When a young family approached ORA to design their home in the Los Angeles suburb of Mar Vista, they asked the firm to strike a balance: Inside should harmonize with out, and the needs of the present should be addressed as equally as the possibilities of the future.
"The brief was to create an efficient, economical, and sustainable home and art studio that could evolve as the family’s needs and circumstances change over time," says the firm. ORA responded with a fluid and dynamic design that rejects the norms of its nearby neighbors.
Instead of building out a box to the lot lines, as is common for new developments in the area, the studio created two separate buildings in tandem with one another: a long, linear home "shaped like a boomerang," and a bright red accessory dwelling unit (ADU) with a faceted roof that "references the form of the neighborhood’s one-story gable cottages," says the firm.
For now, the ADU functions as an art studio, but it can easily become an independent apartment should the owners need it for aging-in-place, or as a space for guests.
There was another reason to avoid building to the lot’s perimeter: By siting the two structures strategically, the firm created a series of accessible outdoor areas—from the pool zone tucked behind the ADU, to the James Turrell–inspired "skyroom" off the second-floor main suite. "Each aspect of the design was carefully considered to create a seamless indoor/outdoor living experience," says the firm.
At the main level of both buildings, "every room opens directly to an outdoor space," says the firm. This is true whether it’s a guest bedroom with a large sliding door, or the ADU, with its double doors that open wide to a front courtyard. There, the owners can easily spread out with large art projects.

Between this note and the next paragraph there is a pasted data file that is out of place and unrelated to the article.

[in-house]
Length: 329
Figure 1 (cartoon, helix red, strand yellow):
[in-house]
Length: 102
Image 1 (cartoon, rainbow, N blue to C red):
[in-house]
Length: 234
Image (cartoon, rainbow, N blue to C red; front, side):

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A shared glass entryway was slotted between the two buildings. In the main house, a long skylight over the staircase brings natural light deep inside, and steers circulation, while views to the surrounding gardens are plentiful. A soothing material palette composed of concrete floors, white walls, and wood is punctuated by spots of bright, happy color—like the teal tile backsplash and a salmon-toned cabinet in the kitchen, or the sunshine yellow vanity in one of the bathrooms.
And as for the unexpected color of the ADU? "It was inspired by a strawberry bush at the owner’s former home," says the firm. In such ways, not only did ORA balance indoors and out, and the present with the future, but the firm also created a home that both surprises and comforts.
Structural Engineer: Scott Christiansen Engineering
Civil Engineer: DK Engineer Corp
Landscape Design Company: Artecho Architecture & Landscape Architecture
Energy: Alternative Energy Systems
Other: A.G.I. Geotechnical, Inc. / Juan A. Vidal
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